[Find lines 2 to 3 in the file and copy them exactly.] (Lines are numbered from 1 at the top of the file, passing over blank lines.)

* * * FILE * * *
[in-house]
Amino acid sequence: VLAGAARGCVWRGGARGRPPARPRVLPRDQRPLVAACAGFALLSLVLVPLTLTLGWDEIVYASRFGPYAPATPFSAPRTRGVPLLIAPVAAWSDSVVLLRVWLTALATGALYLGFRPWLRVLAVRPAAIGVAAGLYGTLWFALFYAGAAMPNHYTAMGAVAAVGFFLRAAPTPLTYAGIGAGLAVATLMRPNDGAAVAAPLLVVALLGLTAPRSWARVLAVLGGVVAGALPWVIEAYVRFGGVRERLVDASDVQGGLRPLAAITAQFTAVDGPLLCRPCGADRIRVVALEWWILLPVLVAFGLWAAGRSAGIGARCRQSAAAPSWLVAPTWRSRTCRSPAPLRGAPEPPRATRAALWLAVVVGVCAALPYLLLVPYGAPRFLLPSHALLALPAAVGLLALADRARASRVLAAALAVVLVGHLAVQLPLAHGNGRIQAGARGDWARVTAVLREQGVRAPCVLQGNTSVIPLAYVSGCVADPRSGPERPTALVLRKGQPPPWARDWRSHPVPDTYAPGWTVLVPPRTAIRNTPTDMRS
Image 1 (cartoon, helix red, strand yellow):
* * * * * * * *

Amino acid sequence: VLAGAARGCVWRGGARGRPPARPRVLPRDQRPLVAACAGFALLSLVLVPLTLTLGWDEIVYASRFGPYAPATPFSAPRTRGVPLLIAPVAAWSDSVVLLRVWLTALATGALYLGFRPWLRVLAVRPAAIGVAAGLYGTLWFALFYAGAAMPNHYTAMGAVAAVGFFLRAAPTPLTYAGIGAGLAVATLMRPNDGAAVAAPLLVVALLGLTAPRSWARVLAVLGGVVAGALPWVIEAYVRFGGVRERLVDASDVQGGLRPLAAITAQFTAVDGPLLCRPCGADRIRVVALEWWILLPVLVAFGLWAAGRSAGIGARCRQSAAAPSWLVAPTWRSRTCRSPAPLRGAPEPPRATRAALWLAVVVGVCAALPYLLLVPYGAPRFLLPSHALLALPAAVGLLALADRARASRVLAAALAVVLVGHLAVQLPLAHGNGRIQAGARGDWARVTAVLREQGVRAPCVLQGNTSVIPLAYVSGCVADPRSGPERPTALVLRKGQPPPWARDWRSHPVPDTYAPGWTVLVPPRTAIRNTPTDMRS
Image 1 (cartoon, helix red, strand yellow):